The Federal Government of Nigeria has voiced apprehension over the surge in public expenditure juxtaposed with declining revenue, according to statements made by the Accountant General of the Federation, Mrs. Oluwatoyin Madein, during an interactive session with the House of Representatives Committee on Finance.
Speaking at the session focused on the 2024–2026 Medium-Term Expenditure Framework and Fiscal Strategy Paper, Mrs. Madein acknowledged the precarious state of the nation’s finances. She assured the lawmakers that ongoing efforts are being made to curb revenue leakages and enhance revenue generation.
Mrs. Madein highlighted the imbalance between revenue generation and expenditure, underscoring the challenges posed by the current economic reality, including regular increases in commodity prices. Despite the fiscal constraints, she emphasized that strategies to augment revenue are continuously being implemented to meet the expectations of Nigerians.
In her plea to the Committee, Mrs. Madein sought collaborative input in the form of plans, strategies, and ideas to support the ongoing efforts to boost revenue generation. The session also featured contributions from Mr. Armstrong Katang, the Chief Executive Officer of the Ministry of Finance, Inc.
Chairman of the House Committee on Finance, Abiodun Faleke, described the Medium-Term Expenditure Framework as the cornerstone of the annual budget and essential for implementing the Federal Government’s plans and policies. Faleke emphasized the committee’s commitment to ensuring value for money in government agreements.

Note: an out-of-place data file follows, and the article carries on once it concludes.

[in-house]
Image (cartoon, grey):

Faleke expressed concerns about diminishing revenues, attributing the decline to reduced oil earnings, Nigeria’s major revenue source. He highlighted the Committee’s determination to investigate the causes of oil shortages, addressing issues such as deductions at source from oil productions and revenue loss from waivers and exemptions granted to various organizations.
Citing instances like the $11 billion P&ID fiasco and the dollar-denominated agreement with Azura Power, Faleke stressed the Committee’s dedication to scrutinizing government agreements to ensure value for money. He lamented the impact of poor revenue on the country’s debt situation, with over 95 percent of revenues in 2022 allocated to debt servicing.
As Nigeria faces a foreign debt increase, Faleke urged ministries, departments, and agencies to uphold their responsibilities and negotiate for the country’s best interests. The Committee emphasized its commitment to regular oversight and quarterly sessions to monitor budget progress and report to the Nigerian people.